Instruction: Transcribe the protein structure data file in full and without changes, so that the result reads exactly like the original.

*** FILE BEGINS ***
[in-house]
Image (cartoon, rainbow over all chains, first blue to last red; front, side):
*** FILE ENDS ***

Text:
[in-house]
Image (cartoon, rainbow over all chains, first blue to last red; front, side):